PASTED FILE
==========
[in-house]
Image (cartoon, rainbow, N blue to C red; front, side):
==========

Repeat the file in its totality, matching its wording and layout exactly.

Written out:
[in-house]
Image (cartoon, rainbow, N blue to C red; front, side):